The final version of this sheet has been released! Grab it from over here!
I kickstarted Numenera because I’m fairly certain that Monte Cook’s RPG products have been directly responsible for more hours of high-quality gaming at my table over the past decade and a half than any author. (Or possibly all other authors combined.) But my interest in it was mild: I had a lot of other games I wanted to run and play. I had a lot of other books I needed to read.
But GenCon turned my mild interest in Numenera into a real passion: I saw the book for the first time and it was gorgeous. Then I got lucky and was able to use generic tickets to get into the tiny tournament. In the tournament I got even luckier and my table was both filled with fantastic players and GMed by the talented Shanna Germain (who is also a supporting author for the book). The combination of gorgeous books and amazing gaming experience got me to drop another $120 on the special edition of the game (despite the fact that I had the $60 version of the book that I had kickstarted in the mail). When I got home, I ordered the XP Deck and Cypher Cards. (The former might seem like a gimmick, but it’s so goddamn slick in actual play that they were basically destined to get my money once I saw it in action.)
Long story short, I’m planning to be running Numenera sooner rather than later. And that meant that I needed to prep one of my system cheat sheets for it. Like the other cheat sheets, these are designed to summarize all the rules for the game — from basic action resolution to advanced combat options. I’ve found that it’s a great way to get a grip on a new system and, of course, it’s also a valuable resource at the game table for both the GM and the players. (For more information on the methods I use for prepping these sheets, click here.)
IT’S ALSO A GM SCREEN!
If you’re familiar with my other cheat sheets, you may notice that the Numenera sheets are formatted for landscape printing instead of portrait printing. This is because I’ve designed these sheets to be inserted into a modular, four-panel, landscape-oriented GM screen. (Just like the one backers of the Numenera kickstarter were able to buy as an add-on. And which you can buy here.) I’m not including graphics for the front of the screen, but if you buy the Numenera GM Screen PDF you’ll be totally golden.
WHAT’S NOT INCLUDED
These cheat sheets are not designed to be a quick start packet: They’re designed to be a comprehensive reference for someone who has read the rulebook and will probably prove woefully inadequate if you try to learn the game from them. (On the other hand, they can definitely assist experienced players who are teaching the game to new players.)
The cheat sheets also don’t include what I refer to as “character option chunks” (for reasons discussed here). So you won’t find types, descriptors, or focuses here.
You also won’t find most of the optional rules for the game. I may add those later, but not yet. (The exception are the rules for modifying abilities; I suspect they’re going to be too useful not to have handy.)
HOW I USE THEM
I generally keep a copy of my system cheat sheets behind my GM screen for quick reference and I also place a half dozen copies in the center of the table for the players to grab as needed. The information included is meant to be as comprehensive as possible; although rulebooks are also available, my goal is to minimize the amount of time people spend referencing the rulebook: Finding something in 4 pages of cheat sheet is a much faster process than paging through a 400 page rulebook. And, once you’ve found it, processing the streamlined information on the cheat sheet will (hopefully) also be quicker.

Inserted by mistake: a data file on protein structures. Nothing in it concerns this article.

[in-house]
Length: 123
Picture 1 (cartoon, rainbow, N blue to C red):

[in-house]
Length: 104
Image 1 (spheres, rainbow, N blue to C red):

THIS IS A FIRST DRAFT. And the sheets have not yet seen the heat of playtest. It’s likely that I’ve forgotten to include something vital, so please let me know if you find yourself constantly wanting a piece of information that the sheets aren’t giving you.
The organization of information onto each page of the cheat sheet should, hopefully, be fairly intuitive. The actual sequencing of pages is mostly arbitrary.
Page 1: For Numenera, the difficulty terrible is the heart of everything. Once you understand that, the special rolls, GM intrusion, and the concept of advantage/disadvantage 90% of the rest of the system actually becomes irrelevant. This page is likely to become irrelevant quickly. You’ll note that I included both types of GM intrusion and examples of GM intrusion: This is unusual for my cheat sheets, but so much of Numenera is designed to empower strong, flexible rulings by the GM that providing this kind of idea fodder feels right to me.
Page 2: The core of the combat mechanics. If you’re teaching new players the game, you really only need to walk them through these first two pages.
Page 3: The rest of the game’s mechanics all fit snugly onto one page. The one thing I wish I’d been able to include here are the optional rules for trading damage to achieve specific special effects.
Page 4: This page is necessary to provide a truly comprehensive cheat sheet of the rules as found in the core rulebook, but I’ll admit I’m somewhat baffled by the combat modifiers. The core of the system boils down to: “If something helps you, apply advantage. If it hinders you, apply disadvantage.” In the rulebook, these modifiers are not presented in the form of a table, but instead chew up pages and pages of material which all boils down basically to, “This thing helps you, so it applies advantage.” repeated over and over again with slight variations.
That’s pretty much all there is to it. Y’all should grab a copy of Numenera and start playing ASAP. It has the official “I Had a Ton of Fun Playing That” seal of approval.